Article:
Children in Search of Refuge: a Photographic Essay

15 January, 2022
A young boy stands on rail­ings close to a UN food vouch­er dis­tri­b­u­tion point in the Dom­iz refugee camp in north­ern Iraq (all pho­tos cour­tesy Iason Athanasiadis).


Iason Athanasiadis


What must the world look like for children fleeing war, famine, political persecution, instability, only to live precariously?


A cou­ple of things hap­pen when chil­dren come into con­tact with trau­mat­ic events such as war and uproot­ing: unfor­get­table, life-defin­ing expe­ri­ences, and an accel­er­a­tion in matu­ri­ty which we some­times describe as “los­ing one’s innocence.”

Chil­dren inher­it the con­se­quences of their elders’ mis­takes. They are often unpre­pared recep­ta­cles for the same oppres­sive soci­etal trick­le-down that social­ly and psy­cho­log­i­cal­ly formed their parents.

From 2011 onwards, as I worked on jour­nal­is­tic, doc­u­men­tary and UN assign­ments in Afghanistan and coun­tries affect­ed by the Arab Spring, I encoun­tered crowds of chil­dren — accom­pa­nied and not — sub­ject­ed to ter­ri­ble pres­sures: labor­ing in infor­mal work­shops; beg­ging or sell­ing drugs in order to sup­port their fam­i­lies; and sleep­ing rough in the snowy streets of Istan­bul or in Athen­ian parks and squares fre­quent­ed by sex­u­al predators.

Every­where I went, old­er peo­ple said that the wars and refugee liv­ing had cre­at­ed a vast cul­tur­al gap that made their chil­dren uncon­trol­lable. This turned into a chasm when they set­tled down to new lives in coun­tries and cul­tures that were very dif­fer­ent to the Syr­ias and Afghanistans they left behind.

The banal thing about watch­ing chil­dren suf­fer dread­ful con­di­tions is that they show lit­tle out­rage. They appear accus­tomed to their new real­i­ty. Worse, in cas­es of extend­ed dis­place­ment, they may even have lost the abil­i­ty to com­pare with a once-upon-a-time nor­mal­i­ty, as their pre­vi­ous lives were inter­rupt­ed when they were still too young, or they were born dur­ing the dis­lo­cat­ed years.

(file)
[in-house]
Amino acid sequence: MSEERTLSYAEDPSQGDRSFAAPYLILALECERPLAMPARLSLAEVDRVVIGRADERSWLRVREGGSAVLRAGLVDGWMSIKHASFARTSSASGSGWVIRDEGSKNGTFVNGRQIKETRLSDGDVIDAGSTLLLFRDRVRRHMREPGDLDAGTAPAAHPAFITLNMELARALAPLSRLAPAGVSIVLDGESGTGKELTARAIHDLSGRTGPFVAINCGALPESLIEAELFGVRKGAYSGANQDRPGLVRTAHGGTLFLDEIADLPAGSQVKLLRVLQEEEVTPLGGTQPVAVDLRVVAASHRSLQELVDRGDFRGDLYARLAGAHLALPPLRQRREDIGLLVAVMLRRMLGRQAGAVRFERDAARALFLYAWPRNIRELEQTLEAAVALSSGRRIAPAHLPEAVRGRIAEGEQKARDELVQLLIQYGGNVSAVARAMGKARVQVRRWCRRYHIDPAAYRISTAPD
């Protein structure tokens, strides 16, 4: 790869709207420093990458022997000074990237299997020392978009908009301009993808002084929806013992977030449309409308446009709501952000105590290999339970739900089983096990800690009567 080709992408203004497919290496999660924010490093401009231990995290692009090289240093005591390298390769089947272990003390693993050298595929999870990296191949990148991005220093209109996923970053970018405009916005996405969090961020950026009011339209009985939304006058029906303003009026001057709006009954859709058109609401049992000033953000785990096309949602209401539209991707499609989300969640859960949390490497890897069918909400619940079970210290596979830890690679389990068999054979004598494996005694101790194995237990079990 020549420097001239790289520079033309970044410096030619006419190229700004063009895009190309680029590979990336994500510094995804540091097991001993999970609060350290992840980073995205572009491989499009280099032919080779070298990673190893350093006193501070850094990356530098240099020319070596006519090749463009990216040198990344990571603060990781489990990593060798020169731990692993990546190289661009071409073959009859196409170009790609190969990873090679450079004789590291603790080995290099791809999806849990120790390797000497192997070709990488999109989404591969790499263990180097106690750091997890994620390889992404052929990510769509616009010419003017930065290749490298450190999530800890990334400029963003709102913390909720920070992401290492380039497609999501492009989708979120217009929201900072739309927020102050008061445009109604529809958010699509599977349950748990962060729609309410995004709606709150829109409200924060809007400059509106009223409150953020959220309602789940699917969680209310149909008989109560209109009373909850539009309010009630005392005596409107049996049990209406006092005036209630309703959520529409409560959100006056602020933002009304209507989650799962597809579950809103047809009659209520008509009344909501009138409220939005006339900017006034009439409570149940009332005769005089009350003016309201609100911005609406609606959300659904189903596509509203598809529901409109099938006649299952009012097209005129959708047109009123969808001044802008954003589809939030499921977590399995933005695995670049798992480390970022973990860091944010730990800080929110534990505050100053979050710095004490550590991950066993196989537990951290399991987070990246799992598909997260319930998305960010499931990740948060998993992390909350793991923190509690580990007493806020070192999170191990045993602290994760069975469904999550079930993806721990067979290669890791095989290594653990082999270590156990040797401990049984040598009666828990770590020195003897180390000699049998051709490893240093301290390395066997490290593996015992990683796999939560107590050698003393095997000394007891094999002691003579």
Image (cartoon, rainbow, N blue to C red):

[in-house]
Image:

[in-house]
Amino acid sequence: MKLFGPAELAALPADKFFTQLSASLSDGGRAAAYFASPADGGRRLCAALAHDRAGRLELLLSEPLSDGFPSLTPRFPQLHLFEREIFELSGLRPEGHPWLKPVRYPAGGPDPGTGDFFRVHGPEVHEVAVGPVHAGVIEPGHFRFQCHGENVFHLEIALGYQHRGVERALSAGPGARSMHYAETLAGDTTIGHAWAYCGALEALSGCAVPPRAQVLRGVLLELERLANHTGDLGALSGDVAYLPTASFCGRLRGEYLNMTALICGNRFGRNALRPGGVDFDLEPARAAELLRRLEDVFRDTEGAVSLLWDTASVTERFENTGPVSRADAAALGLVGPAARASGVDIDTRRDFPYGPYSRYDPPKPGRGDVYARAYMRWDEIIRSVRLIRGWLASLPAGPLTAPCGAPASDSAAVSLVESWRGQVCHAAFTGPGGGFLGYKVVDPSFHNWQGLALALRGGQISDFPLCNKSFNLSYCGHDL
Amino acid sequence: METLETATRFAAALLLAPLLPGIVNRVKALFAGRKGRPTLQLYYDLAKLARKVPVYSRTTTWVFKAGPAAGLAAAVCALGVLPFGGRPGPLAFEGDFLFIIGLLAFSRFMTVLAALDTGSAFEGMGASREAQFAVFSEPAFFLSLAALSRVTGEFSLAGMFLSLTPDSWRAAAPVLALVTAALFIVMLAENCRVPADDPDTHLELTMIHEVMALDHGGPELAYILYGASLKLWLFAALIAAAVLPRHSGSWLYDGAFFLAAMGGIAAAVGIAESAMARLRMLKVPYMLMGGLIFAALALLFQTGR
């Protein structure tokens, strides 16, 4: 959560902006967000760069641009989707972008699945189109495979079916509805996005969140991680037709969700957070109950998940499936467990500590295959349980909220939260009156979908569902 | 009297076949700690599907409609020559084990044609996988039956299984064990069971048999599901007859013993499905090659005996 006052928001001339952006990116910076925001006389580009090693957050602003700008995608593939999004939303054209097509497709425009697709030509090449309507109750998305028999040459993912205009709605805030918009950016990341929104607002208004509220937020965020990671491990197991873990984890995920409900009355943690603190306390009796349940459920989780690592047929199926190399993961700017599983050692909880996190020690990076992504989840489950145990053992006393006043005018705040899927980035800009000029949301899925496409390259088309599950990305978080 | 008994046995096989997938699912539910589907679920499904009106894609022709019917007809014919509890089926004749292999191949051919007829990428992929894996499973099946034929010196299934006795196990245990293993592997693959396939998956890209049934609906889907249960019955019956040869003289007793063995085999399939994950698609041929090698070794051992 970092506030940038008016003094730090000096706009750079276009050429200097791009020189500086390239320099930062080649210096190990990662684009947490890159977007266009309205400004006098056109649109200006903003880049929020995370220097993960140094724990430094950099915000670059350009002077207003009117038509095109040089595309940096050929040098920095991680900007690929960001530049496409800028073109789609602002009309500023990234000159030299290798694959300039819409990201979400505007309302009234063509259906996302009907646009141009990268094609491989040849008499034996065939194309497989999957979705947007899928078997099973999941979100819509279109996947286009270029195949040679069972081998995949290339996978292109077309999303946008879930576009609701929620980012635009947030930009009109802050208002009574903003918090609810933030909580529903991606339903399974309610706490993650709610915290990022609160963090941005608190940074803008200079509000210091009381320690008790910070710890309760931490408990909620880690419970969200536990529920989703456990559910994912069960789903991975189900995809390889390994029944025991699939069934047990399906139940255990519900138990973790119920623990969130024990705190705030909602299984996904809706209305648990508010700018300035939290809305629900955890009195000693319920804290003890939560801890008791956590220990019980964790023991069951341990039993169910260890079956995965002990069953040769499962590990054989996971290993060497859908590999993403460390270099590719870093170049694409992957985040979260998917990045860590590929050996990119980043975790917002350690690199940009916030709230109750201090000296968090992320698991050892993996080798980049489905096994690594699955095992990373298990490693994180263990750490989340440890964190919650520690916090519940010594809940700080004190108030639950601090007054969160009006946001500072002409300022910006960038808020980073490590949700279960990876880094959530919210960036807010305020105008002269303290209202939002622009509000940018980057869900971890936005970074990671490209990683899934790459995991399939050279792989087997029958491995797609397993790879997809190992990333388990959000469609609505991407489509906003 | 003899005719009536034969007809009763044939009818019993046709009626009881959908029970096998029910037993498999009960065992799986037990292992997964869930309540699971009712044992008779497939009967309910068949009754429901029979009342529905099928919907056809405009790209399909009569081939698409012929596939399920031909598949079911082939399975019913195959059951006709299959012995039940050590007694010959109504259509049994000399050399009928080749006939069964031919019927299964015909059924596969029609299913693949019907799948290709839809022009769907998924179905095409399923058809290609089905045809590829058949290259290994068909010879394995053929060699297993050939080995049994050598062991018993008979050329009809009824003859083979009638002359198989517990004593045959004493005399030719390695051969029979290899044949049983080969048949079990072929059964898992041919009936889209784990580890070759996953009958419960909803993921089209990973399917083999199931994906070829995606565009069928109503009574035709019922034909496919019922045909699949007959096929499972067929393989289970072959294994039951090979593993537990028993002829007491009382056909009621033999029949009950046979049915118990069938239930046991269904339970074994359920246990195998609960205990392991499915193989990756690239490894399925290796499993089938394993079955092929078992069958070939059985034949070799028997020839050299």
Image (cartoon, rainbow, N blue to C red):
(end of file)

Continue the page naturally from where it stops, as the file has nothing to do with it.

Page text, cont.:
Watch­ing kids emerge from leaky base­ments in provin­cial Turk­ish or Jor­dan­ian towns to grap­ple with a harsh and school-less real­i­ty, I often expe­ri­enced a sense of mute injus­tice. They had been deposit­ed there through no choice of their own. But I also admired their tough­ness and scrab­bly adapt­abil­i­ty: prag­mat­ic, primed for sur­vival, and extreme­ly mul­ti­lin­gual. I’ll nev­er for­get the Soma­li 12-year-old in a Greek refugee camp who scrolled through near-flu­ent Eng­lish, Greek, Turk­ish, Ara­bic and Far­si dur­ing a five-minute dis­cus­sion. For all the present hard­ship, it was also clear that the expe­ri­ences would craft impres­sive adults.


AfghanistanGreeceimmigrantsIraqrefugee childrenSyriaTurkey

TMR contributing editor Iason Athanasiadis is a Mediterranean-focused multimedia journalist based between Athens, Istanbul, and Tunis. He uses all media to recount the story of how we can adapt to the era of climate change, mass migration, and the misapplication of distorted modernities. He studied Arabic and Modern Middle Eastern Studies at Oxford, Persian and Contemporary Iranian Studies in Tehran, and was a Nieman fellow at Harvard, before working for the United Nations between 2011 and 2018. He received the Anna Lindh Foundation’s Mediterranean Journalism Award for his coverage of the Arab Spring in 2011, and its 10th-anniversary alumni award for his commitment to using all media to tell stories of intercultural dialogue in 2017.


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